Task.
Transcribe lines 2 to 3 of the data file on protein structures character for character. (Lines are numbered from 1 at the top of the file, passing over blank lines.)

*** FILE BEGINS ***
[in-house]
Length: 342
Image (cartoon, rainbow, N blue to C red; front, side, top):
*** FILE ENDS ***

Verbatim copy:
Length: 342
Image (cartoon, rainbow, N blue to C red; front, side, top):